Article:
Read Sriya's story

Young adult carers
Elderly/frail
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Sriya is in her late teens and looks after her elderly, frail grandparents

When I was 13 years old, my grandparents were living in India with my uncle. After my uncle’s sudden death, my grandparents moved to the UK to live with my family. My grandparents were not able to take care of themselves alone, so I became one of the carers to help them with day-to-day life. Although, I was more than happy to help, it was a big change to my life and something that I struggled to deal with for a while. At the time, both my grandparents suffered from mobility and health conditions such as arthritis, unstable blood pressure levels, diabetes and so on. They needed someone with everyday necessities, keeping track of medication and helping to clean their room.

Socially isolated

There were many things that I found difficult about becoming a young carer. When I first became a carer, I kept it to myself and did not tell any of my friends for almost two years which made me feel isolated and left out of many situations. This was because I was embarrassed to talk about why I could not meet up with them for parties and sleepovers. I soon realised that this was part of my life and there is nothing embarrassing or strange about caring for somebody that you love.

I soon realised that this was part of my life and there is nothing embarrassing or strange about caring for somebody that you love.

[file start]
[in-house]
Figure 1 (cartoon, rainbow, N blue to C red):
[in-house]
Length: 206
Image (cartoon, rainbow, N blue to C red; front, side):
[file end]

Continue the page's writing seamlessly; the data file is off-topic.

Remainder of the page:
I also faced some trouble when it came to balancing schoolwork with my home life. In Indian culture, its expected that younger members of the family should care for the elderly; this meant that my caring role was almost an obligatory part of my life and my family struggled to see how it would make completing homework any harder. I had trouble managing this balance for a while until I found out about Surrey Young Carers (part of Action for Carers Surrey) who were able to give me support, I needed to care for my grandparents and complete my work.

Part of who I am

Action for Carers has helped me significantly. They were able to give me support when I struggled to keep up with schoolwork, they also held many events and activities which were a great way for me to meet people who were going through something similar and enjoy some time away from my responsibilities. Looking back, I wish that I had embraced the fact that I was a carer, as it’s something I thoroughly enjoy and would never give up. Previously, I used to shy away from this fact as if it was something people would look down on, however, now I know that it is part of who I am, and there is no reason for it to not be accepted.

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